The COVID-19 pandemic has forced us to direct most of the available resources towards its management. This has led to the neglect of all other pathologies, including cancer. The aim of this study was to verify whether the difficulty in accessing the health system has led to a reduction in new diagnoses of hepatocellular carcinoma (HCC) and whether this has already been reflected in a more advanced stage of the cancer. A single-center, retrospective study including adult patients with a new diagnosis of HCC was performed. Patients were divided into three groups: the prelockdown phase (May 2019-February 2020), the lockdown phase (March 2020-December 2020), and the postlockdown phase (January 2021-October 2021); 247 patients were included. The number of patients diagnosed with HCC distinctly diminished in the periods March 2020-December 2020 (n = 69; -35%) and January 2021-October 2021 (n = 72; -32%) as compared to the period May 2019-February 2020 (n = 106). Noteworthy was the reduced surveillance in the period January 2021-October 2021 as compared to May 2019-February 2020 (22.9% vs. 36.6%, p = 0.056). No significant changes have yet been observed in tumor characteristics (BCLC staging distribution remained unvaried, p = 0.665). In conclusion, the number of new HCC diagnoses decreased sharply in the first 2 years of the pandemic, with no worsening of the stage. A more advanced stage of the disease could be expected in the next few years in patients who have escaped diagnosis.


Subject(s)
COVID-19 , Carcinoma, Hepatocellular , Liver Neoplasms , Adult , COVID-19/epidemiology , Carcinoma, Hepatocellular/diagnosis , Carcinoma, Hepatocellular/epidemiology , Communicable Disease Control , Humans , Liver Neoplasms/diagnosis , Liver Neoplasms/epidemiology , Neoplasm Staging , Pandemics , Retrospective Studies , Tertiary Care Centers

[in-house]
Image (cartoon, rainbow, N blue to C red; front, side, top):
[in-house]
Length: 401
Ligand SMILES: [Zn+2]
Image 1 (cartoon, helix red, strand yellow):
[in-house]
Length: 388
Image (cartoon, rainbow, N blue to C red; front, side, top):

20.
Eur J Cancer ; 161: 38-43, 2022 01.
Article in English | MEDLINE | ID: covidwho-1719652

ABSTRACT

Many countries had to suspend their colorectal cancer (CRC) screening programme as a result of the COVID-19 pandemic. This eventually may lead to postponed diagnoses of premalignant lesions and CRC, resulting in increased incidence or more advanced CRCs rates. This study aimed to assess the impact of the COVID-19 pandemic on incidence and stage distribution of CRCs in the Netherlands, by monitoring CRC diagnoses and stage distribution in the months before, during and after the first COVID-19 wave. Data on incidence and stage distribution of CRCs of individuals aged 55-75 years in 25 hospitals in the Netherlands were extracted from the Netherlands Cancer Registry. The observed incidence after the suspension (March 2020-December 2020) was compared to the expected incidence in the same period. In the period April to June 2020, we observed the largest decrease in the total incidence of CRC. We found that 48% of the decrease was due to stage I, 23% due to stage II, 23% due to stage III and 5% due to stage IV. After gradually resuming screening mid May 2020, we observed an increase in CRC diagnoses from July 2020 onwards. As of October 2020, the observed number of diagnoses was higher than the expected number. As the decrease was mainly limited to stage I CRCs, it seems that the temporary suspension of the CRC screening programme due to the COVID-19 pandemic will have a minimal long-term impact on stage distribution and CRC mortality.


Subject(s)
COVID-19/complications , Colorectal Neoplasms/diagnosis , Aged , Female , Humans , Incidence , Male , Middle Aged , Neoplasm Staging , Netherlands , Pandemics , SARS-CoV-2